Esterházy Torte 1957 (excerpt)
The photograph has yellowed. Risking more fissures, handling it gingerly, I gaze at the fragile document—a glimpse conjures my younger self and my elegant mom. The scene is tranquil. My face inclined lightly grazes Mama’s right arm as she lights the candles—not your typical American frosted cake. This torte is home baked, ornately decorated, and Hungarian of course—with a creamy chocolate buttercream, sandwiched between layers of sponge cake, glazed with apricot jam (my father’s favorite) and garnished with melted chocolate. There are pretty little puffs of whipped cream encircling each of the five birthday candles. It floats on the exquisite white lace tablecloth.
I remember the navy-blue dress my mother is wearing, the one with tiny white polka dots, a crisscross bodice and deep V neckline, which accentuates her curvaceous figure. Mama’s raven hair is swept up so we can see her pearlescent skin, the white beaded choker and matching earrings. This, for a fifth birthday gathering at home.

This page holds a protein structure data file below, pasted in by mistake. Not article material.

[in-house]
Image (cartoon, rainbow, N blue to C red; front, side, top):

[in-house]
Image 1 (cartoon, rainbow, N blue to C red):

My dress is all satin and tulle. A too wide collar drifts off my shoulders. My hair is cut short, haphazardly, with home scissors, and my arms are awkwardly hanging by my sides. I wonder if I’m trying to lean closer into my mother or had my father barked, “Janetkém. Put your hands down.”
We are looking intently at the candles, seemingly unaware of anything but each other. The delicate beauty of the photo belies my mother’s resilience and the deeper meaning, which I am aware of now from my present-day perspective.
What must it have meant to her to be able to celebrate with an Esterházy Torte—named after a 19th century Prince of the Austro-Hungarian Empire—in Canada, her new home, with her daughter—the daughter she might never have had, the daughter she hadn’t dared envision just a few years ago, seventeen and alone, desperate to survive, starving, emaciated, cowering in deserted tunnels and bombed buildings barely daring to breathe lest she be discovered by the Nazis.
I scrutinize the photo, searching for clues. With pursed lips, and suddenly clammy hands I undress, slip on the navy-blue polka dot dress and wonder: How can she look so unscathed? How did she start anew, never looking back, never remembering, never alluding to those harrowing years?
My mother’s overprotectiveness makes sense now. I sensed a deep wound that only my impeccable behavior could salve. As the living, breathing embodiment of survival, I tried not to cause them further pain, resolved to become what they couldn’t be, make up for their losses, fulfill their dreams.
As the years passed, it became more and more difficult to live up to expectations. It was never enough. I had become an accomplished professional musician, married well, had a beautiful son. But I had left them by moving away. Life had become a perpetual farewell.